Consultants & Builders, Inc., created this rendering of LGE Community CU's modern branch that it designed and is constructing in Canton, Ga.
It’s one thing to design a branch to meet the needs of today’s consumer.
It’s another to anticipate how brick-and-mortar facilities will be used in five, 10, or 25 years.
In the second part of our discussion of the evolution of credit union branches, Credit Union Magazine sought insights on this topic from Mark Maness, executive vice president of Consultants & Builders, Inc. (CBI), Norcross, Ga., and Lisa Darling, assistant vice president of human resources/quality assurance research & development at Visions Federal Credit Union, Endicott, N.Y.
This conversation focuses on the technology driving branch use and design now and in coming years. The first part of this conversation centered on the impact of innovations at retail outlets on credit union branch design.
CU Magazine: How do you stay ahead of technological advances and shifts in consumer preferences?
Maness: We follow what retailers are researching and doing—by attending Retail’s Big Show in New York City, for example. Two years ago, consumers began completing their own transactions at retail stores, and now that’s happening in credit unions.
This year retailers have enough data on customers when they come in the door to tailor their experiences specifically—rather than broadly. What retailers do today, financial institutions will do later.
CU Magazine: Which technologies is your CU using?
Lisa Darling: As our branches become more regionally diversified, video conferencing has been highly effective in our internal operations. The same is true for member service, but when a member visits a branch we focus on the personal interaction.
Our members have many choices. Should they wish to conduct their business remotely or at 3 a.m., they can use channels such as home banking, mobile banking, text banking, and express deposit platforms.
CU Magazine: Can you explain some of the new technologies aimed at better serving members?
Maness: You see video conferencing, but really only in larger credit unions. Depending on the service you choose it can be overwhelmingly expensive.
It’s not nearly as big as I thought it would be, but I think it will continue to grow as new providers enter the market. You can do it with an iPad, but security’s an issue—you have to make sure no one can hack in.
There’s also micro location, which is mostly an Apple term for its iBeacon mobile marketing system. You have beacons in your lot to identify members as they drive in.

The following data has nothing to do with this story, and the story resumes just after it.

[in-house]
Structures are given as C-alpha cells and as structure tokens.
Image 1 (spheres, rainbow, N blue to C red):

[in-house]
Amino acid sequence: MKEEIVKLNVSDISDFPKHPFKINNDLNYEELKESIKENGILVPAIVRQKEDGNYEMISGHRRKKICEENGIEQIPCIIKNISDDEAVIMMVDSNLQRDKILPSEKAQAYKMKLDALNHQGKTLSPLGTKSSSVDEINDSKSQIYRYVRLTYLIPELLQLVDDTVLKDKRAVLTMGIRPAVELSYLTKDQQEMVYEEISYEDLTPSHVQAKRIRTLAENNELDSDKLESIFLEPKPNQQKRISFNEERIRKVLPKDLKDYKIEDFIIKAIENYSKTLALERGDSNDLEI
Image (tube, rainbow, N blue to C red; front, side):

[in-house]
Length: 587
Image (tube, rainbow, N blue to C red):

They opt in when they download the credit union’s app, and you can tell on an iPad what accounts members have and which products they’re likely to want. For instance, if they have a 17-year-old child going to college soon, they might need certain products.
In Bed, Bath and Beyond, if you stand in front of the towels, iBeacon knows you’re there and offers you a discount. This is really the front end of the trend for financial institutions. Other retailers are doing this now, and we’ll see it in six months to a year in financial institutions.
The best technology for a particular credit union depends on its size, region, and other factors. With some New York City financial institutions, you can go to an ATM and see a teller when you press a button, and the teller might be in another state.
For a credit union under $100 million in assets, it’s not worthwhile to consider. You have to house the tellers and buy equipment for roughly $150,000.
It works for Bank of America to have a micro branch like that—with live tellers—and in some places the technology makes sense, but for only a very few credit unions. The technology is cool, but only where it makes good business sense.
CU Magazine: What role will ATMs play in coming years?
Darling: You can deposit a check through remote deposit capture, but you can’t turn it to cash. I think ATMs will continue to serve as a core convenience.
Maness: Only about half of Americans have smart phones, and that has stayed stable. If anything, I think we’ll see more ATMs in lobbies than traditional teller lines.
We just completed a credit union building where the only way you can get cash is through four ATMs. If I help you on-screen, when it’s time for cash, we walk to an ATM. That branch is this credit union’s fastest-growing facility by far.
CU Magazine: What should be CUs’ primary take-away on branch design?
Maness: Like Starbucks or Apple, credit unions are selling commodities. Coffee and computers are commodities, but Starbucks and Apple have made acquiring their products cooler.
The prices are the same, but the experience at other retailers is not cool. People can shop online and get lower rates for financial products, so you have to make the experience cooler.